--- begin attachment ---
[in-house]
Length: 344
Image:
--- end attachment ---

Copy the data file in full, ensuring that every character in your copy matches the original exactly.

[in-house]
Length: 344
Image: